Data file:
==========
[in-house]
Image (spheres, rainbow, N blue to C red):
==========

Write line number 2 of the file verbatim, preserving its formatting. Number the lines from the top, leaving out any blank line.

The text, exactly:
Image (spheres, rainbow, N blue to C red):